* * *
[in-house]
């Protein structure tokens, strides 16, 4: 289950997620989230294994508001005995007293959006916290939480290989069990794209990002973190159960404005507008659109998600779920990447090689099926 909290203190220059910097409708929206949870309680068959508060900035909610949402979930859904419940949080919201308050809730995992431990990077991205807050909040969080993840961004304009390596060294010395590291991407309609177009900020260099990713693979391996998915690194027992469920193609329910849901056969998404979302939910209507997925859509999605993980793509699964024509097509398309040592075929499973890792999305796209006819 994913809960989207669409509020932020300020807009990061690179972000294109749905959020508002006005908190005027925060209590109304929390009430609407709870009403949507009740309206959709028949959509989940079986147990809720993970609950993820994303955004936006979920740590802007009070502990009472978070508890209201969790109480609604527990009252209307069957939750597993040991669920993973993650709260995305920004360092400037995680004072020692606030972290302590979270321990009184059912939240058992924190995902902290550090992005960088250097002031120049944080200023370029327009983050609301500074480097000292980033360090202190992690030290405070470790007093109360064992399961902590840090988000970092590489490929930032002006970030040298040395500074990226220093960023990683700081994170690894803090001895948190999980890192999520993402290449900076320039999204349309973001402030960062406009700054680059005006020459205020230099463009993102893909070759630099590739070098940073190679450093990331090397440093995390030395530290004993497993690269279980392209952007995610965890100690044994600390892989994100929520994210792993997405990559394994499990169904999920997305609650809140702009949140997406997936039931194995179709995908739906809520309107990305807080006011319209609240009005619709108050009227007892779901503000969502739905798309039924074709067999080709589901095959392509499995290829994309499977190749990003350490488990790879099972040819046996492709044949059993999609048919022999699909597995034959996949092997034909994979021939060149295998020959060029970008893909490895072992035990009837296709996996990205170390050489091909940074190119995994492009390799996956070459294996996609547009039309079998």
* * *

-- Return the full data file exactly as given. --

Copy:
[in-house]
């Protein structure tokens, strides 16, 4: 289950997620989230294994508001005995007293959006916290939480290989069990794209990002973190159960404005507008659109998600779920990447090689099926 909290203190220059910097409708929206949870309680068959508060900035909610949402979930859904419940949080919201308050809730995992431990990077991205807050909040969080993840961004304009390596060294010395590291991407309609177009900020260099990713693979391996998915690194027992469920193609329910849901056969998404979302939910209507997925859509999605993980793509699964024509097509398309040592075929499973890792999305796209006819 994913809960989207669409509020932020300020807009990061690179972000294109749905959020508002006005908190005027925060209590109304929390009430609407709870009403949507009740309206959709028949959509989940079986147990809720993970609950993820994303955004936006979920740590802007009070502990009472978070508890209201969790109480609604527990009252209307069957939750597993040991669920993973993650709260995305920004360092400037995680004072020692606030972290302590979270321990009184059912939240058992924190995902902290550090992005960088250097002031120049944080200023370029327009983050609301500074480097000292980033360090202190992690030290405070470790007093109360064992399961902590840090988000970092590489490929930032002006970030040298040395500074990226220093960023990683700081994170690894803090001895948190999980890192999520993402290449900076320039999204349309973001402030960062406009700054680059005006020459205020230099463009993102893909070759630099590739070098940073190679450093990331090397440093995390030395530290004993497993690269279980392209952007995610965890100690044994600390892989994100929520994210792993997405990559394994499990169904999920997305609650809140702009949140997406997936039931194995179709995908739906809520309107990305807080006011319209609240009005619709108050009227007892779901503000969502739905798309039924074709067999080709589901095959392509499995290829994309499977190749990003350490488990790879099972040819046996492709044949059993999609048919022999699909597995034959996949092997034909994979021939060149295998020959060029970008893909490895072992035990009837296709996996990205170390050489091909940074190119995994492009390799996956070459294996996609547009039309079998």